| United States|
Pacific Air Forces
| 1942–1945; 1947–1949; 1952–1953; 1966–1975; 1987–present|
United States Air Force
Distinguished Unit Citation
Presidential Unit Citation
Air Force Outstanding Unit Award with Combat "V" Device
French Croix de Guerre with Palm
Republic of Vietnam Gallantry Cross with Palm
The 14th Fighter Squadron is part of the 35th Fighter Wing at Misawa Air Base, Japan. It operates the F-16 Fighting Falcon aircraft conducting Wild Weasel missions. The squadron has been stationed at Misawa since 1987.
The squadron was first activated during World War II as the 14th Photographic Reconnaissance Squadron. After training in the United States, the squadron moved to the European Theater of Operations. where it flew combat reconnaissance missions. It earned a Distinguished Unit Citation for missions flown over France between 31 May 1944 and the end of June. The squadron flew sorties to support Operation Overlord, the invasion of Normandy and Operation Market Garden, the airborne attack in the Netherlands. It conducted bomb damage assessment of Germany after VE Day. The squadron returned to the United States and was inactivated at the Port of Embarkation in December 1945.
The squadron served in the reserves as a reconnaissance unit from November 1947 to June 1947 at Binghamton, New York and as a troop carrier unit at Mitchel Air Force Base, New York from 1952 until it was replaced in 1953 by a squadron that had been called to active duty for the Korean War.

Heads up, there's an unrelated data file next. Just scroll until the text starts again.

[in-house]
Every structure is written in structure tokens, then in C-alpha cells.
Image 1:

The squadron returned to the reconnaissance mission in April 1967 and after training in Texas moved to Udorn Royal Thai Air Force Base and flew combat missions in Southeast Asia from November 1967 until August 1973, earning two Presidential Unit Citations. For a period in 1971, it was the only reconnaissance squadron in Southeast Asia. The squadron was inactivated in June 1975 with the United States withdrawal from Southeast Asia.
14th Fighter Squadron Wikipedia
The squadron operates General Dynamics F-16CJ Wild Weasel aircraft. It conducts Suppression of Enemy Air Defenses air operations.
The squadron was first activated at Colorado Springs, Colorado in June 1942 as the 14th Photographic Reconnaissance Squadron, although it was more than a month before it moved to nearby Peterson Field and began training with Lockheed F-4 Lightnings under the 3d Photographic Group. In August 1942, the 3d Group moved to England. The squadron remained assigned to the 3d, but remained in Colorado, where it was attached to Second Air Force. In July 1943, the squadron was assigned to the 7th Photographic Reconnaissance and Mapping Group and moved on paper with the 7th Group to England. The 7th Group drew on the 13th Photographic Squadron, which was already flying Lightnings in England for its cadre. The 14th Squadron began to train with Supermarine Spitfire Mk. V fighters in July 1943 before equipping with the photographic reconnaissance Mk. XI version of the Spitfire in late summer.